2365. Post-operative Vertebral Osteomyelitis – a Disease with Distinct Clinical and Microbiological Characteristics
Session: Poster Abstract Session: Skin and Skin Structure Infection
Saturday, October 6, 2018
Room: S Poster Hall
  • IDWEEK_2018_PVO_P2365-final.pdf (810.9 kB)
  • Background: A relevant subgroup (10-14%) of patients with vertebral osteomyelitis (VO) has a history of spine surgery. Infection in these patients is often caused by coagulase-negative staphylococci (CoNS) might be clinically different from native VO. However, clinical, microbiological and outcome characteristics of this disease entity have not been well studied as most trials either excluded these patients or are limited by a small cohort and short observation period.

    Methods: Between 01/2008 and 06/2013 patients who presented to the Department of Orthopaedics at the University Hospital of Cologne with suspected VO were prospectively enrolled into the international registry Spine Tango and observed for a period of 2 years. Survival was estimated by the Kaplan-Meier method. In addition, univariable and multivariable Cox regression models were fitted to estimate unadjusted and adjusted effect of surgery. Group comparisons between patients with or without prior surgery were performed using Fisher’s exact test or Mann-Whitney-U test.

    Results: 56 of 189 patients with confirmed diagnosis of VO reported a history of spine surgery in the same segment. Patients with native vertebral osteomyelitis (NVO) had a higher ASA score (p=0.01), were more likely to suffer from comorbidities (p=0.003) and had Staphylococcus aureus identified as causative infectious agent in the majority of cases (34 vs. 18%, p=0.024). Infections caused by CoNS (20 vs. 4 %, p<0.001) and other bacteria of the skin flora were more prevalent in patients with post-operative VO (9 vs. 0%, p=0.002). After a median follow-up of two years, univariable Cox regression revealed that patients with NVO had a 3-fold increased mortality risk compared to patients with prior surgery (HR, 3.3, 95% CI, 1.4-7.9, p=0.006). The magnitude of the effect size remained stable in the multivariable model (HR 3.023, 95% CI 1.259-7.257 p=0.013), adjusted for ASA score and number of comorbidities.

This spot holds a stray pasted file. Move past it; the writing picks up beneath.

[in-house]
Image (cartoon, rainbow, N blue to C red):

Conclusion: NVO and post-operative VO show distinct disease characteristics. Patients with NVO more often have comorbidities, have mainly S. aureus as causative pathogen and a 3-fold increased 2-year mortality risk compared to patients with post-operative VO.

    Marianne Breuninger, MD1, Ayla Yagdiran, MD2, Anja Willinger, MD1, Kathrin Kuhr, Statistician3, Harald Seifert, MD4, Gerd Fätkenheuer, Univ.-Prof. Dr. med.5, Clara Lehmann, PD Dr. med.5, Rolf Sobottke, MD6, Jan Siewe, MD7 and Norma Jung, MD8, (1)Department I of Internal Medicine University Hospital of Cologne, Cologne, Germany, (2)Department of Orthopedic and Trauma Surery, University Hospital of Cologne, Cologne, Germany, (3)Institute for Medicla Informatics, Statistics and Epidemiology, University of Cologne, Cologne, Germany, (4)Institute for Medical Microbiology, Immunology and Hygiene, University of Cologne, Cologne, Germany, (5)University Hospital of Cologne, Cologne, Germany, (6)Department of orthopedic and Trauma Surgery, rhein-Maas Klinikum, Würselen, Germany, (7)Department of Orthopedic and Trauma Surgery, University Hospital of Cologne, Cologne, Germany, (8)Department I of Internal Medicine, University Hospital of Cologne, Cologne, Germany


    M. Breuninger, None

    A. Yagdiran, None

    A. Willinger, None

    K. Kuhr, None

    H. Seifert, Accelerate Diagnostics Inc.: Research Contractor , Research grant .

    G. Fätkenheuer, None

    C. Lehmann, None

    R. Sobottke, None

    J. Siewe, None

    N. Jung, None

    Findings in the abstracts are embargoed until 12:01 a.m. PDT, Wednesday Oct. 3rd with the exception of research findings presented at the IDWeek press conferences.